Home News Will they move to Nashville? It’s complicated.

Will they move to Nashville? It’s complicated.

25
0


Chicago White Sox Chairman Jerry Reinsdorf pushed back last summer against rumors the team could abandon its South Side home for Nashville, but his December meeting with that city’s mayor kept the rumors alive. And some worry the team will eventually use a possible move as leverage in negotiations with Mayor Brandon Johnson, perhaps forcing the city to funnel scarce tax dollars into a new downtown stadium.

“We have too much evidence that sports stadiums don’t pay for themselves, and do not come anywhere close to it,” said Allen Sanderson, a senior professor at the University of Chicago who studies the economics of sports. “I’m not anti-sports, I’m a sports fan, but I am also an economist, and anti-wasting money. I’d rather the city spend money on things that don’t cost as much or on things it needs.”

Baseball owners have a lot of power to switch cities, and Nashville, one of the fastest-growing metro areas in the U.S., is at the top of Major League Baseball’s wish list as league officials eyeball possible sites to plant new teams. But it’s still not clear whether such a move would make sense for the White Sox if negotiations with Chicago officials fall apart, or if Nashville fans would prefer an entirely new team.

The field and seating bowl are prepared for Opening Day between the White Sox and Tigers next week Thursday, March 21, 2024, at Guaranteed Rate Field. (Brian Cassella/Chicago Tribune)
The field and seating bowl are prepared for Opening Day between the White Sox and Tigers next week on March 21, 2024, at Guaranteed Rate Field. (Brian Cassella/Chicago Tribune)

“Don’t hit the panic button yet,” said Michael Rapkoch, founder and CEO of Dallas-based Sports Value Consulting. “There is a lot that has to happen before a baseball team relocates. It’s not an easy solution.”

Sticking with Chicago is still the White Sox’s first option. In February, the White Sox and developer Related Midwest unveiled the design for a new stadium at The 78, a 62-acre planned development southeast of downtown along the Chicago River. The pair have held talks about the plan with officials from the Illinois Sports Facilities Authority, which owns Guaranteed Rate Field, the Sox’s current home in Bridgeport, completed in 1991.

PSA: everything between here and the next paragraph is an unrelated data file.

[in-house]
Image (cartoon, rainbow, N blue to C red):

Still unknown is how much a new Sox stadium would cost, and who pays for it. Globe Life Field in Arlington, Texas, baseball’s newest stadium, was completed in 2020 and cost more than $1 billion.

Both Johnson and Gov. J.B. Pritzker have said they’re skeptical about using any more public funds to finance sports stadiums, although Johnson didn’t rule it out. The sports facilities authority still owes $50 million on Guaranteed Rate Field, and $589 million on the 2002 renovation of Soldier Field, bonds largely to be repaid with a 2% city hotel tax.

Reinsdorf also told reporters in August he was not threatening to skip town with the team after news reports suggested it was a possibility. But he also did not explicitly rule out a move when the Sox’s Bridgeport lease runs out in 2029.

“I’ve been reading about (how) I’ve been threatening to move to Nashville,” he said. “That article didn’t come from me. But it’s obvious, if we have six years left, I think that’s what it is, we’ve got to decide what’s the future going to be. We’ll get to it, but I never threatened to move out.”

Reinsdorf met with Nashville Mayor Freddie O’Connell in December when MLB held its winter meeting in the city, but a team spokesperson declined to say what they discussed.

A conceptual rendering of The 78 neighborhood, including a potential new Chicago White Sox ballpark. (Related Midwest)
A conceptual rendering of The 78 neighborhood, including a potential new Chicago White Sox ballpark. (Related Midwest)